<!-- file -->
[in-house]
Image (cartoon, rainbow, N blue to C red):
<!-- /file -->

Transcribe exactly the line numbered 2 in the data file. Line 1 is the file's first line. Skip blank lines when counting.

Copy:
Image (cartoon, rainbow, N blue to C red):